The force tester can be used to determine the FtF of the automatic injector. Prior to determination of FtF, the firing mechanism (FM) subassembly of the autoinjector can be disassembled and the original plunger can be removed. The exemplary plunger can be assembled from the disassembled FM into other components and FM. Can be inserted into the syringe with the aid of a hollow metal tube (where the stopper is in the hollow tube and then propelled downward) to the desired position so that the stopper remains at the predetermined (height) position in the syringe. The syringe may be inserted into the syringe housing subassembly. The housing and FM subassemblies can be assembled into an automatic injection device. In this way, a complete automatic injector can be assembled with an exemplary plunger instead of the original plunger.

A force tester, for example, a Zwick force tester, can be used to measure FtF. First, a test, for example a PUSH suitability test, can be run to confirm that the force tester accurately measures the force. Then, an actual FtF test can be performed. For this test, two specific equipment can be used in the force tester. One facility may have an automatic injection device in a vertical position. Other equipment may be a disc that can be used to propel it downward on the launch button of the autoinjector. Equipment for holding the automatic injection device can be attached to the bottom part of the machine of the force tester and the disk can be attached to the top part. Once these facilities are assembled on a force tester machine, automatic injection devices and force tester can be prepared for FtF testing.

During the force test, the caps 24, 34 can be removed from the automatic injection device 10 and the automatic injection device can be placed in the automatic injection device holder facility facing the firing button 32. [ The device 10 can be locked in place within the facility so that all of the automated injection devices tested can be placed at the same level within the facility. The automatic injection device 10 may be placed in this facility in a state of facing the launch button 32. [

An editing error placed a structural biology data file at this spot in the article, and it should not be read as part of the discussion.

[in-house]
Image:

At the start of the FtF test, the disc may begin to move and propel the firing button 32 downward. In one example, the distance that the firing button is propelled downwards may typically be specified to be 2.4 mm. When the program is started, the force tester machine can begin to record the force received by the load cell sensors of the machine. The force graph can be plotted against the distance that the launch button is propelled downward. The minimum force required to launch the automatic injector can be read from the force graph and defined as FtF.

This method can be driven automatically and data can be displayed on the screen of the tester. When this method is complete, the automatic injection device can be removed from the installations. When analyzing multiple syringes within a single test series, the steps may be repeated for each automatic injection device being tested.

Conventional automatic injection devices can operate (fire) prematurely when FtF is below the first optimum level. Some patients can not operate conventional automatic injection devices when FtF exceeds the sub-optimal level. Exemplary apparatuses and methods overcome this problem by providing methods of making and using the same as described herein, and automatic injection devices with improved FtF.